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City honors two Vietnam War veterans as Hometown Heroes

City honors two Vietnam War veterans as Hometown Heroes

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Hero: A person admired for great or brave acts or fine qualities.

Two men honored recently by the city of Kenosha for their military service live up to the title, even if they are reluctant to admit it.

Vietnam War veterans Charlie Sichmeller and Randy Holton were recently named “Hometown Heroes” by the Kenosha City Council.

“They are outstanding examples,” said Ald. Jack Rose, who helped organize the new Kenosha Hometown Heroes Award Program. “They are vets still active in their community.”

The program is dedicated to identifying and recognizing the men and women who have served or are currently serving in the United States armed forces who were born in, currently reside in or have previously resided in Kenosha.

Awards are given on a quarterly basis and presented by Mayor John Antaramian during Common Council meetings.

Charlie Sichmeller“I probably cursed more and prayed more than any time in my life,” said Sichmeller, who served as a Marine from 1966 to 69, spending much of that period trekking through jungle as part of the infantry. He was named a Hometown Hero on March 21.

“The experience there was very emotional, but he is a quiet man,” said Carol, his wife of 45 years. “I don’t think he dwells on it, and that’s the only reason he gets through some of the stories I’ve heard.”

Sichmeller, 69, said he believes young people will never fully understand his generation’s struggle, but hopes they appreciate sacrifices.

“I feel that Vietnam was a political war,” he said. “It was not backed by America — we were sent over there to fight the war with no support.”

He said that Vietnam vets experienced prejudice and people were judgmental against them when the soldiers returned home. He hopes the men and women fighting in Iraq and Afghanistan never experience that heartache.

“When I got out, we’d walk into the VFW and they’d tell us to get out,” he said. “It was the old hard-core World War II (vets) and they said we didn’t fight in a war because it was called a ‘conflict.’ We weren’t welcome or recognized as being a vet.”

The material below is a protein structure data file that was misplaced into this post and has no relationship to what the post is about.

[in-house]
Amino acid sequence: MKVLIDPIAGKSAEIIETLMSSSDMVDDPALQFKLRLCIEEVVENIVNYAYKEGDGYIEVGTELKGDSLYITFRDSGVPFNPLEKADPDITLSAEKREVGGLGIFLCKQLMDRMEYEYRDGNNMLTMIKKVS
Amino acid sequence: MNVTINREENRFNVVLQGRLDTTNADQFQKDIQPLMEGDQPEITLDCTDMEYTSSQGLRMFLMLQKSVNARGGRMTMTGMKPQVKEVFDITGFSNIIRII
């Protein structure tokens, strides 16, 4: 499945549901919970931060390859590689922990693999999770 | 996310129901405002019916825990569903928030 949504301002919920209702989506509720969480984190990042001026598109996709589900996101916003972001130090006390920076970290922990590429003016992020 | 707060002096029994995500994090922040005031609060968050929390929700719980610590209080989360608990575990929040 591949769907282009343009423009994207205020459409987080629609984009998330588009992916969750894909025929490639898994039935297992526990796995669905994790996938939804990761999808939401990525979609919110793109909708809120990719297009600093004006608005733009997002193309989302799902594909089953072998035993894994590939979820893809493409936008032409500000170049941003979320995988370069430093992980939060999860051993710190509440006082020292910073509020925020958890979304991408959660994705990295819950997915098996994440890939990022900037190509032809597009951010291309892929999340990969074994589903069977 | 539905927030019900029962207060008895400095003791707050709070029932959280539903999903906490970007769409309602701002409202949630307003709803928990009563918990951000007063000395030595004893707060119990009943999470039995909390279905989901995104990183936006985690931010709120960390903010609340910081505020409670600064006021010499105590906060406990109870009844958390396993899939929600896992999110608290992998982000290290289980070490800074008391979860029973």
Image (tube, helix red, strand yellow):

Still, Sichmeller, who has lived and worked in Kenosha for most of his life, is humbled by the honor. He serves the Veterans of Foreign Wars Kenosha post as a trustee and as secretary for Kenosha County Veterans Council, among many other things.

“It feels good being honored, but I’m sure there’s more qualified people to give it to than me,” he said.

Randy HoltonOn June 20, Holton, 67, picked up his award. He enlisted in the army at age 19 in 1968 as an engineer.

“In Vietnam, we would go out and help (special forces and 1st infantry division) build their base camps and things of that nature — help them along the way to keep themselves defended,” he said. “It was hot and muggy, but I was in superb shape back then.”

Holton said he is thankful Kenosha County eventually became a “very friendly” community to Vietnam vets.

“There’s a lot of veterans here,” he said. “The veterans organizations, community, elected officials all support us.”

“I think what we want to be remembered for is that we served and tried to do the best we could,” Holton said. “We were in a war that was being managed by Washington, D.C.,” he said. “I don’t believe we ever lost a major battle.

“I wish it would have came out different, but I have no malice against any people of Vietnam,” he said.


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